New legislation to protect those who are pregnant or returned from maternity, shared parental or adoption leave came a step closer following a second reading in the House of Lords this month (3 March).
The measures are designed to tackle the discrimination reported by women during pregnancy and maternity leave, with 77% saying they had a negative experience or suffered potential discrimination during this time. Some 11% of those canvassed reported being dismissed or made compulsorily redundant, when their colleagues were not. Some 20% of mothers reported other financial loss such as demotion or missing out on promotion and being excluded from non-salary benefits.
Subject to the Bill becoming law in its current form, pregnant women and those back from family leave should find themselves in a stronger position, with employers required to offer alternative vacancies to anyone under threat of redundancy in those situations.
Under current rules, employers are required to offer a suitable alternative vacancy where one exists before offering redundancy when an employee is on maternity leave, shared parental leave or adoption leave.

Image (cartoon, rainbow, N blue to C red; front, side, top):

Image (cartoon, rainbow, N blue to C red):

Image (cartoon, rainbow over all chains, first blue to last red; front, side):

The Pregnancy and Maternity Discrimination Bill, introduced by Dan Jarvis MP and backed by the government, will extend this redundancy protection to pregnant women before they take maternity leave, and for new parents during the six months after they return to work from a relevant form of leave.
June Salmon, Employment Law expert at Spire Solicitors LLP, commented :
“This Private Member’s Bill will introduce a significant level of additional security to parents taking time out of the workplace to raise a family, putting them at the top of the queue for an alternative role. It’s an important step in overcoming reported discrimination against pregnant women. Employers should get up to speed on the draft legislation now, so as to have systems in place ready for implementation, such as processes to identify the timeframe of earlier periods of maternity leave when implementing any redundancies.”